Third, a presentation by the late General Gordan Baker, a leader in the League of Revolutionary Black Workers, the first Vietnam draft resister in Detroit, and a longtime social movement leader and organic intellectual of the poor and dispossessed. He talks about the crisis of increasing poverty facing all of us and the history of the dispossessed organizing for change in this nation, taking the history in Michigan and Detroit in particular as his central thread. The presentation offers some much-needed historical depth for responses to the water crisis. Recorded at the 2010 US Social Forum in Detroit by the Media Mobilizing Project:
Part I (starts at 10:47):
Fourth, a note from Chicago-based movement lawyer and long-time organizer Tony Prince, who has been in relationship with the leaders in Michigan for decades, coming out of some of the same organizations:
Years ago, both Luis Rodriguez (poet Laureate of Los Angeles and former candidate for Governor of California) and I worked for National Lead (NL Industries) in Vernon California. Luis was a blast furnace operator and I was a caster/refiner. It was like working in hell on earth. The longer term workers all suffered from lead poisoning. We had to give daily urine samples and weekly blood tests. When your blood/lead level reached a certain point, you would be moved to a “less” polluted part of the plant such as the battery saws. Later, when your blood/lead level was “down” you would be returned to your normal duties in the middle of a grey cloud of permanent nerve damage and death. The doctors lied: the lead never left your system, it was absorbed by the bone marrow where it could not be detected until it was too late. Years later, the smelter was sold to Exide where in the last few years it became the focal point of massive community protests after lead was found in the soil of the surrounding working class communities. Today, the lead plant is at the epicenter of the largest cancer cluster in the state of California and the State EPAQ estimates close to one million people are at risk.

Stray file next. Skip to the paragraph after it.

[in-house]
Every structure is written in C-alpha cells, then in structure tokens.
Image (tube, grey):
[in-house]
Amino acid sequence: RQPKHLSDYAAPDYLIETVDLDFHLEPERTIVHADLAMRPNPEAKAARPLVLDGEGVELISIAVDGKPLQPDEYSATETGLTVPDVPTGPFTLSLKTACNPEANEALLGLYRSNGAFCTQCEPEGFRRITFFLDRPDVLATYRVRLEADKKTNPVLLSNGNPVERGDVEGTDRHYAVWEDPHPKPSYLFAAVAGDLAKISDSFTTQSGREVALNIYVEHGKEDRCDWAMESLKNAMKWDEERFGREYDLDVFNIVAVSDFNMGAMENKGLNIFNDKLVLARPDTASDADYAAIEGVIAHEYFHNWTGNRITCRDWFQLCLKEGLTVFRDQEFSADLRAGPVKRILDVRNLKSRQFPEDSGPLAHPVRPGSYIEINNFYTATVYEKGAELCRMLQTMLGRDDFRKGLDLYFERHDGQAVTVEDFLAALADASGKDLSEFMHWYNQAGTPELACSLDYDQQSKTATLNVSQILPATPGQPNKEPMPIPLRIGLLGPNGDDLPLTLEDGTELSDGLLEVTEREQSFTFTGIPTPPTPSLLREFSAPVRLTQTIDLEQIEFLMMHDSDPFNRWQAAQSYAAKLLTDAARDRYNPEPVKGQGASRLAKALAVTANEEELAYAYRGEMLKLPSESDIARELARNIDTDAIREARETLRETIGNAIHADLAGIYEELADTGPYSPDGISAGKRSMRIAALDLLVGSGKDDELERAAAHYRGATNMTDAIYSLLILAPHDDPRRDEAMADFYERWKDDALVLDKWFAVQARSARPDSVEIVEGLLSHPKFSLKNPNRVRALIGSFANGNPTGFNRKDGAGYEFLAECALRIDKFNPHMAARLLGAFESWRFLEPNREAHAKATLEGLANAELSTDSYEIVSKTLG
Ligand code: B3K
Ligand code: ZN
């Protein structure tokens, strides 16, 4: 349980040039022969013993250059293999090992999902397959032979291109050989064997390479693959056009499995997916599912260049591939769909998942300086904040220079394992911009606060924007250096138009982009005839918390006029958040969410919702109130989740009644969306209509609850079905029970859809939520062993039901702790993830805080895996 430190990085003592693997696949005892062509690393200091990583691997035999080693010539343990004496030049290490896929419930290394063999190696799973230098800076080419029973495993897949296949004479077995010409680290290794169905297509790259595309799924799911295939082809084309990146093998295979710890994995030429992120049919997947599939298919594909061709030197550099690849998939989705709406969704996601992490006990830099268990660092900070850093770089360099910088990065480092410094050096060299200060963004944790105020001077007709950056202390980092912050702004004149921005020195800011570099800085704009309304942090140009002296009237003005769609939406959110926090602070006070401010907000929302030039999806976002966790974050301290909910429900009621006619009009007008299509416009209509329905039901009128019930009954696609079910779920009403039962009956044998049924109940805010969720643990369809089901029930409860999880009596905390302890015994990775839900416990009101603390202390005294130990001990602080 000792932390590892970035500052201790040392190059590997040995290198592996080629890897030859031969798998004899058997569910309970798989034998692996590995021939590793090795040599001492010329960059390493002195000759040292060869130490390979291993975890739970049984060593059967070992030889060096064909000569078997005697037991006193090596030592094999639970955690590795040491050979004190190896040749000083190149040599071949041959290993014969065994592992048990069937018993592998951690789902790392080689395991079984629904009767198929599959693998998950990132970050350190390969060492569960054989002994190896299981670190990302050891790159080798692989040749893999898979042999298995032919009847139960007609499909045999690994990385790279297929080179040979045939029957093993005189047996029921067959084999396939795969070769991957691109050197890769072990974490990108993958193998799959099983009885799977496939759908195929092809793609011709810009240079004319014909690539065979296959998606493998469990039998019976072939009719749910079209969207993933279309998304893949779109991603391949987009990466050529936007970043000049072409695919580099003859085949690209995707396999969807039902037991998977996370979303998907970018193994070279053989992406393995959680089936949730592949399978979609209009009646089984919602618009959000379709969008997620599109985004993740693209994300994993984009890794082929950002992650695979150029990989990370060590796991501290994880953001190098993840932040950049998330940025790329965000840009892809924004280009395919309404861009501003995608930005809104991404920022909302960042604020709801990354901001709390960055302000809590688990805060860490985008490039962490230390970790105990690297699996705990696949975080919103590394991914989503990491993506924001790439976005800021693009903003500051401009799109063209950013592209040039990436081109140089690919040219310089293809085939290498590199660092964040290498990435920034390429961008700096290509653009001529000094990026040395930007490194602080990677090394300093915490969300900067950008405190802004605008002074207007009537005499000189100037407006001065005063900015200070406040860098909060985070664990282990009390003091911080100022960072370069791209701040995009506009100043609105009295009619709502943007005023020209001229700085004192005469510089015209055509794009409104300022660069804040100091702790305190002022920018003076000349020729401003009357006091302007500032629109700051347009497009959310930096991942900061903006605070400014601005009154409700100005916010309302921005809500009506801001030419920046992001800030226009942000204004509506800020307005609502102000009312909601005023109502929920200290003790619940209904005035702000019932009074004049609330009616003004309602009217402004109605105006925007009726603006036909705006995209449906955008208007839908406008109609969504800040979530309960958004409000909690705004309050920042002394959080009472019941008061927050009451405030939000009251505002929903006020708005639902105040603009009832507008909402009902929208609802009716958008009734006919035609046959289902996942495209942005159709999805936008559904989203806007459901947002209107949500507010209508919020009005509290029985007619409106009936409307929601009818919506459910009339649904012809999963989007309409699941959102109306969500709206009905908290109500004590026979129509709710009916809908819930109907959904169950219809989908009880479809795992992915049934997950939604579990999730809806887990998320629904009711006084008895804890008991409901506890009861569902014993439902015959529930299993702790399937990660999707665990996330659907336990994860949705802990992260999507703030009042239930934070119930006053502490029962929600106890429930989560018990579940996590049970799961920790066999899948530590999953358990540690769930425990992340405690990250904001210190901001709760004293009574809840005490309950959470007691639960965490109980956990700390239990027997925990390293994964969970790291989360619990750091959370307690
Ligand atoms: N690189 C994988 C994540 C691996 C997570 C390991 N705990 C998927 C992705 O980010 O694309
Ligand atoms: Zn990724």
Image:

The Exide struggle broke out just as Luis’ bid for Governor was getting underway and with Luis’ direct experience in the plant, it became a major focus of the campaign. We learned that the same company had virtually destroyed a city in Mexico which experienced then what the children of Flint are experiencing now. The children of Salinas face a similar, but less publicly disclosed crisis in the carcinogenic pesticides that leach from the fields (Salinas is a major agricultural center in California) into the school drinking fountains. When he was on the Board of Education – and after he was illegally removed from that post by court order – Jose Castaneda, a leader in Salinas’ extremely poor, mostly immigrant community, led the fight to stop this silent slaughter.
The situation in Flint, the broader water struggle in Detroit, the intensification of repression – and resistance – of the homeless in Salinas, California all show the potential for unifying leaders around these basic human right issues across color lines, urban and rural, north and south, on both sides of the border in the direction of revolutionary change. The connection of the Flint crisis to the Emergency Manager Act shows the political nature of the fight with universal lessons.
Fifth, a chapter from our book, Pedagogy of the Poor: “A Case Study on Organizing: The Struggle for Water in Postindustrial Detroit“. This chapter looks at the economic and political history of Detroit and other post-industrial cities in Michigan, as well as the long and on-going organizing efforts of the poor and dispossessed there to counter the attacks against them, build power locally, and lay the groundwork for a national and global movement of their class. Written by Chris Caruso in close collaboration with the leaders in Michigan.